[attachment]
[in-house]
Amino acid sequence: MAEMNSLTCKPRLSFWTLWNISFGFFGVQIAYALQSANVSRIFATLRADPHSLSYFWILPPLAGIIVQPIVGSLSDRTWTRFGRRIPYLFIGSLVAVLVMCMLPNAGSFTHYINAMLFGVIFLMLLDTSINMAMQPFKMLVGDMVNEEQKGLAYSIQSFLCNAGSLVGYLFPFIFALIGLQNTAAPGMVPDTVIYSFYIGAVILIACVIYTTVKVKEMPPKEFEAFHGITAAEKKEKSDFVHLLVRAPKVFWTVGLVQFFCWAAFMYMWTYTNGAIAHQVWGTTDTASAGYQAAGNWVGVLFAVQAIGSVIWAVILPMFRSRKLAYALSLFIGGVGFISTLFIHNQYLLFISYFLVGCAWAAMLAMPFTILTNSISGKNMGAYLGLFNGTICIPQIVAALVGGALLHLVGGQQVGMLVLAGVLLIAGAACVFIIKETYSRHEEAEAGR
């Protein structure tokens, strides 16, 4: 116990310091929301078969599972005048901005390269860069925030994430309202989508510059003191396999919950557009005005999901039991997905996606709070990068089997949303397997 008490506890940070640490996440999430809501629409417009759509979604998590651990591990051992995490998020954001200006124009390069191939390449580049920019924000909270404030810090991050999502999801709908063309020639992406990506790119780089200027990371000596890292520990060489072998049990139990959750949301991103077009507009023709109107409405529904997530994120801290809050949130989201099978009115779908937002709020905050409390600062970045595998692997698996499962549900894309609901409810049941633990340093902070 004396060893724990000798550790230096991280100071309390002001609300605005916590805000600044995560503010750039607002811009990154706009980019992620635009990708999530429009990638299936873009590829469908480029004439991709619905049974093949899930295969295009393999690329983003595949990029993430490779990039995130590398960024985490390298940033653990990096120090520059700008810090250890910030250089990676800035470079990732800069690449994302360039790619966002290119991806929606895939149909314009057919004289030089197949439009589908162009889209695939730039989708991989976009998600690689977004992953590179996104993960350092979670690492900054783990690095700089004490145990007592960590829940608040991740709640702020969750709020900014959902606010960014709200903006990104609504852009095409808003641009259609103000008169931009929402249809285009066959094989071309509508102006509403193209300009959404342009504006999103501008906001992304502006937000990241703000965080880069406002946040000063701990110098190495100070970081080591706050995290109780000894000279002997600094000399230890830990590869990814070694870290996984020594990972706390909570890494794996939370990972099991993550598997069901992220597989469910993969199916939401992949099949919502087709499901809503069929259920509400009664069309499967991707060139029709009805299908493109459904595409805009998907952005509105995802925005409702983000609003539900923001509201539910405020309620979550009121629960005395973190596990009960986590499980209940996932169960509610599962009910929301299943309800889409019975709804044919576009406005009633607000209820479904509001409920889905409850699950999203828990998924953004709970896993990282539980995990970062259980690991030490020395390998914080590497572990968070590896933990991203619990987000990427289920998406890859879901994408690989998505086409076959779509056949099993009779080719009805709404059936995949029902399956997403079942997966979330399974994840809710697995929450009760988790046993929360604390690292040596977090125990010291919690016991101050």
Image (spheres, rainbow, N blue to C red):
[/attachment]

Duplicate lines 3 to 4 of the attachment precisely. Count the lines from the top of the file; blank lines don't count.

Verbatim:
């Protein structure tokens, strides 16, 4: 116990310091929301078969599972005048901005390269860069925030994430309202989508510059003191396999919950557009005005999901039991997905996606709070990068089997949303397997 008490506890940070640490996440999430809501629409417009759509979604998590651990591990051992995490998020954001200006124009390069191939390449580049920019924000909270404030810090991050999502999801709908063309020639992406990506790119780089200027990371000596890292520990060489072998049990139990959750949301991103077009507009023709109107409405529904997530994120801290809050949130989201099978009115779908937002709020905050409390600062970045595998692997698996499962549900894309609901409810049941633990340093902070 004396060893724990000798550790230096991280100071309390002001609300605005916590805000600044995560503010750039607002811009990154706009980019992620635009990708999530429009990638299936873009590829469908480029004439991709619905049974093949899930295969295009393999690329983003595949990029993430490779990039995130590398960024985490390298940033653990990096120090520059700008810090250890910030250089990676800035470079990732800069690449994302360039790619966002290119991806929606895939149909314009057919004289030089197949439009589908162009889209695939730039989708991989976009998600690689977004992953590179996104993960350092979670690492900054783990690095700089004490145990007592960590829940608040991740709640702020969750709020900014959902606010960014709200903006990104609504852009095409808003641009259609103000008169931009929402249809285009066959094989071309509508102006509403193209300009959404342009504006999103501008906001992304502006937000990241703000965080880069406002946040000063701990110098190495100070970081080591706050995290109780000894000279002997600094000399230890830990590869990814070694870290996984020594990972706390909570890494794996939370990972099991993550598997069901992220597989469910993969199916939401992949099949919502087709499901809503069929259920509400009664069309499967991707060139029709009805299908493109459904595409805009998907952005509105995802925005409702983000609003539900923001509201539910405020309620979550009121629960005395973190596990009960986590499980209940996932169960509610599962009910929301299943309800889409019975709804044919576009406005009633607000209820479904509001409920889905409850699950999203828990998924953004709970896993990282539980995990970062259980690991030490020395390998914080590497572990968070590896933990991203619990987000990427289920998406890859879901994408690989998505086409076959779509056949099993009779080719009805709404059936995949029902399956997403079942997966979330399974994840809710697995929450009760988790046993929360604390690292040596977090125990010291919690016991101050």
Image (spheres, rainbow, N blue to C red):